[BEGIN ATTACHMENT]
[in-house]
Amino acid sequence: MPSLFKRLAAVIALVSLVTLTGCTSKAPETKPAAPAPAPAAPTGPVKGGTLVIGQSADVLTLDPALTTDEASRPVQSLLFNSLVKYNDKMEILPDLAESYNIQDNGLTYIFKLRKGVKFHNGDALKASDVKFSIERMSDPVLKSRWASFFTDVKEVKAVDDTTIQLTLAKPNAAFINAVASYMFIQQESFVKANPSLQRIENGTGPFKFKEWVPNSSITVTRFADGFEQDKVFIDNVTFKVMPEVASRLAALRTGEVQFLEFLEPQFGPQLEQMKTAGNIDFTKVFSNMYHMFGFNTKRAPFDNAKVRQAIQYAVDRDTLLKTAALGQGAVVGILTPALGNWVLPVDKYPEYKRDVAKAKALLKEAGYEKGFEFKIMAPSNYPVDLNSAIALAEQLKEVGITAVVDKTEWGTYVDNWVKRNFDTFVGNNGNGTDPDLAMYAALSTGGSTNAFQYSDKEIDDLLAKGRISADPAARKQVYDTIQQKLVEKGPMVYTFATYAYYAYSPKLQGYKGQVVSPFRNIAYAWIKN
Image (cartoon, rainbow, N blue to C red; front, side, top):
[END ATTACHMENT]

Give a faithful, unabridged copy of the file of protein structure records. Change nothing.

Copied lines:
[in-house]
Amino acid sequence: MPSLFKRLAAVIALVSLVTLTGCTSKAPETKPAAPAPAPAAPTGPVKGGTLVIGQSADVLTLDPALTTDEASRPVQSLLFNSLVKYNDKMEILPDLAESYNIQDNGLTYIFKLRKGVKFHNGDALKASDVKFSIERMSDPVLKSRWASFFTDVKEVKAVDDTTIQLTLAKPNAAFINAVASYMFIQQESFVKANPSLQRIENGTGPFKFKEWVPNSSITVTRFADGFEQDKVFIDNVTFKVMPEVASRLAALRTGEVQFLEFLEPQFGPQLEQMKTAGNIDFTKVFSNMYHMFGFNTKRAPFDNAKVRQAIQYAVDRDTLLKTAALGQGAVVGILTPALGNWVLPVDKYPEYKRDVAKAKALLKEAGYEKGFEFKIMAPSNYPVDLNSAIALAEQLKEVGITAVVDKTEWGTYVDNWVKRNFDTFVGNNGNGTDPDLAMYAALSTGGSTNAFQYSDKEIDDLLAKGRISADPAARKQVYDTIQQKLVEKGPMVYTFATYAYYAYSPKLQGYKGQVVSPFRNIAYAWIKN
Image (cartoon, rainbow, N blue to C red; front, side, top):